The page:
“Let me get this straight,” I say. “Here you are - Justin, the big macho guy, star of the football team, hottest kid in school, son of the most well-known, well-respected man in town. You feel there’s a mold you have to fit into, one that was given to you before birth. You didn’t have a choice. So even though you’ve been crushing on boys since you were young, you could never tell anyone, especially not your father, because what would he think of his only son being a fag? It would be the ultimate disappointment. So you date girls like Melissa Hanson just to keep up the public image. But inside, you’re dying for some validation for your feelings. Then Jamal comes along - a handsome basketball player, popular, funny, everything you want. You become friends, you feel it turning into something more, and next thing you know, you’ve got a secret lover the world will never know about - ”

“What do you want from me?” he interrupts, his face flinty. “What will it take to keep you quiet? Money? Weed? I can hook you up with my dealer. Popularity? You can sit with us at lunch.” He licks his lips, glances around.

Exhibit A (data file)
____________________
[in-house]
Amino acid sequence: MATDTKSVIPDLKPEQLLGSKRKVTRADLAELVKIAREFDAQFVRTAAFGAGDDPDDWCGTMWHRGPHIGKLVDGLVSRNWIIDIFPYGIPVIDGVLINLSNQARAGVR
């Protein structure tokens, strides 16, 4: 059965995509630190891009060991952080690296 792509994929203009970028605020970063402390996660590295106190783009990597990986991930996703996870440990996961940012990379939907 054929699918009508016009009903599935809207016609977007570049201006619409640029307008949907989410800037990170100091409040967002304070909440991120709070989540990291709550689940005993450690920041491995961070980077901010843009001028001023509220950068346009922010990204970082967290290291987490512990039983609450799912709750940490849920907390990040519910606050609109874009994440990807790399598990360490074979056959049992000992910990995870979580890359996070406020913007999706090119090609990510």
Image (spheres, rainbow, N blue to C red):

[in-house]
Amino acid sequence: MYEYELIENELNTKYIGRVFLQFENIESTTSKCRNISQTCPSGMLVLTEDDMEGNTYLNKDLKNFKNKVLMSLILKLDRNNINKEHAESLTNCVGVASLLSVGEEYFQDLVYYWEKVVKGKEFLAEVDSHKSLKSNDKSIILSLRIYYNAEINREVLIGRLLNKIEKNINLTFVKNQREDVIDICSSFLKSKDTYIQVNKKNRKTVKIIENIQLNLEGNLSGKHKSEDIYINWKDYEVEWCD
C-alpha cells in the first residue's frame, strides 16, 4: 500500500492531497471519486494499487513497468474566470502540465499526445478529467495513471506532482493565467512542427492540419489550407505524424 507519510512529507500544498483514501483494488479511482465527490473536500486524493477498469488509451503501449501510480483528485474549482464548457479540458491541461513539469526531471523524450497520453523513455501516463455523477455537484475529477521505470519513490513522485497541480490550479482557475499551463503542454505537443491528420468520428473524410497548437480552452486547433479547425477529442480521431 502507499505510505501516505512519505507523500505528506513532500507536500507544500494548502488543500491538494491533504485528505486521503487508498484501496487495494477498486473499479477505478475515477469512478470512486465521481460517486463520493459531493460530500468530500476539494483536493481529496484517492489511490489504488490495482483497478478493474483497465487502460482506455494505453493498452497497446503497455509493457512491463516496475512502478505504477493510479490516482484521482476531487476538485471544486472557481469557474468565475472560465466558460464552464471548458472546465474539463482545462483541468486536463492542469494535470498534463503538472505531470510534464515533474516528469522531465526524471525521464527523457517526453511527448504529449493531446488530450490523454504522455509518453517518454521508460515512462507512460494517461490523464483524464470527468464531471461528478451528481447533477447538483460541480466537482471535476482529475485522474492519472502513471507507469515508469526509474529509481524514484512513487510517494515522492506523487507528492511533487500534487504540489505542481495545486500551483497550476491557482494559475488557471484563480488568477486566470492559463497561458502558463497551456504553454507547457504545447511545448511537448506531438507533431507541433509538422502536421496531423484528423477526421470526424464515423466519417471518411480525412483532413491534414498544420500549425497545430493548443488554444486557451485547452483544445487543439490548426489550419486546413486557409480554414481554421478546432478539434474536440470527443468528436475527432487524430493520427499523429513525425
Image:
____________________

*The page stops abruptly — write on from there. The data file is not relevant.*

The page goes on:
I shake my head, hold my hands up.

“I don’t want anything,” I reassure. “I’m just seeking to understand. Why would you do what you did to me, if you’re not even attracted to my body type?”

He won’t look me in the eyes. He keeps glancing around.

“I thought...” He pauses. His mouth tries to form words, but no sound comes out. “I thought if I could...Jesus, Stephanie, what do you want me to say?!”

“I don’t blame you. It wasn’t really your fault. I just want to know what made you do what you did. That’s all.” I’ve almost got him. He’s on the brink, I can feel it.

He runs a hand through his long hair. He takes a deep breath.